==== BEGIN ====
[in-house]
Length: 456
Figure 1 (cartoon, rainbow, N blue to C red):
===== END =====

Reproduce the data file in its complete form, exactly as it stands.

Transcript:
[in-house]
Length: 456
Figure 1 (cartoon, rainbow, N blue to C red):